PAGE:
After reading the open letter and some of the resources, it’s time to take action. Human rights issues like this one are won with publicity. Public outcry reunited children with their parents in the United States, and now it’s time for it to unite orphans with forever homes, here or anywhere where they can be a real part of a loving family that treats them as first-class family members. You don’t have to use a lot of words or be eloquent with the ones you have. You merely need to hit the share button on Facebook or Twitter and demand action. We have made this as simple as possible for you. These issues are complex, and we don’t expect you to explain them to people in detail; we can do the explaining, but they have to know we are here. Likewise, they have to know the American public cares and holds them accountable. Friends, in this mid-term election year, time if even more important. Vote with your heart; vote for those who take a stand for adoption. Be loud. Orphans needs you to cry out for them.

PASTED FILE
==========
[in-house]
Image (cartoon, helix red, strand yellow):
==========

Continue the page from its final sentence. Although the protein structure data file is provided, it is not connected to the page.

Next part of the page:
Below are U.S. senators and representatives, from both parties, who have shown evidence of being advocates for adoption. They have introduced programs or legislation that helps adoption and are likely to have open ears to this crisis, as well as to helping to move the Department of State into better accountability for its decline in international adoptions. If you belong to the districts of these legislators, please contact them. Because of the volume of input they receive, we encourage contact to come directly from their constituents in order to be heard. Thus, if you are not but know someone who is, please ask them to contact these legislators, for the sake of the children who cannot. Click the links below to go directly to their contact pages.
The White House
*Regardless of your own political persuasion, the fact remains that the executive branch has the power to order the U.S. Department of State Office of Children’s Issues to make international adoption easier and more affordable. It is only one step in this fight, but it is an important one.
To lobby for changes and standards within our own adoption system, contact the United States Department of State. Here’s the Office of Children’s Issues contact information